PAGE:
Ventilation During Cardiopulmonary Bypass (CPB) for Cardiac Surgery

This study is not yet open for participant recruitment. (see Contacts and Locations)
Verified February 2014 by McMaster University
Sponsor:
Collaborator:
Hamilton Health Sciences Corporation
Information provided by (Responsible Party):
McMaster University
ClinicalTrials.gov Identifier:
NCT02070445
First received: February 21, 2014
Last updated: NA
Last verified: February 2014
History: No changes posted
  Purpose

During most types of heart surgery cardiopulmonary bypass (CPB) is used. CPB enables blood to be directed away from the heart and the lungs and pumped through the body while the heart is not beating. Surgery on the heart easier when it is not beating and bloodless area. Generally during CPB the lungs do not need to be ventilated, as no blood is flowing through the lungs and the body received oxygen from a machine (oxygenator) attached to the CPB pump.

In this study we are investigating the difference in lung collapse after heart surgery in patient who did have their lungs ventilated during CPB, compared to patients who did not have their lungs ventilated during CPB. We will use lung ultrasound scans to determine the degree of lung collapse at various time periods before and after the heart surgery. We will also investigate if ventilation during CPB will affect: a.) the rate of lung infection or pneumonia after the operation b.) the time it takes for a patient to have the breathing tube removed in the intensive care unit after the operation c.) the time for a patient to be discharged home from the hospital d.) the concentration of oxygen in the blood after the operation.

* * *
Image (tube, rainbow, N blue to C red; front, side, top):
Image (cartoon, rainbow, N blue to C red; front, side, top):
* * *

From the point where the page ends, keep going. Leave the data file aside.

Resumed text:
Condition
Pulmonary Atelectasis

Study Type: Observational
Study Design: Observational Model: Cohort
Time Perspective: Prospective
Official Title: Ventilation During Cardiopulmonary Bypass (CPB) for Cardiac Surgery - Effect on Pulmonary Atelectasis Post-operatively, a Pilot Study

Resource links provided by NLM:


Further study details as provided by McMaster University:

Primary Outcome Measures:
  • Feasibility [ Time Frame: 3 months ] [ Designated as safety issue: No ]
    To assess feasibility of LUS investigation in pre-operative and post-operative patients (time required to complete study in operating room and ICU, practicality of performing LUS in a busy environment). The LUS investigations are reported to be a fast and reliable investigation. However, few data are available about its use in a perioperative setting.


Secondary Outcome Measures:
  • Assess the evolution of LUS [ Time Frame: 3 months ] [ Designated as safety issue: No ]
    To assess the evolution of LUS during the perioperative period. Anesthesiology induction and mechanical ventilation are recognized to induce modifications in lung ventilation and aeration. Despite this, it is unclear that LUS will be able to detect these variations. Further, the optimal timing to evaluate the LUS is not known. The optimal time for LUS assessment measurement needs to take into consideration lung ventilation parameters and also practical realization in the operating room.

  • Determine sample size for future Randomized Control Trial [ Time Frame: 3 months ] [ Designated as safety issue: No ]